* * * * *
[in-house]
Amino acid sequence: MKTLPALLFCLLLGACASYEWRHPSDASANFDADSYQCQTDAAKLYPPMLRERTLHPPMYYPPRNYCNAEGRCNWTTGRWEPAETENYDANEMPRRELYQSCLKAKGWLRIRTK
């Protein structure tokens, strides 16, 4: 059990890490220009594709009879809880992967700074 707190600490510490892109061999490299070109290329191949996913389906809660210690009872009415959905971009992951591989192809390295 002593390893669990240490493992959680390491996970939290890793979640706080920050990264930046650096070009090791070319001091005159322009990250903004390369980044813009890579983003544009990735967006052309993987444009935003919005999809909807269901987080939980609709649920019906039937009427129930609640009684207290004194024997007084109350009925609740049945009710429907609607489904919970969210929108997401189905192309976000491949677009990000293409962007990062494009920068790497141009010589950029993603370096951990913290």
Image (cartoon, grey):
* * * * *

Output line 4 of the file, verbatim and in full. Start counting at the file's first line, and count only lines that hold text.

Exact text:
Image (cartoon, grey):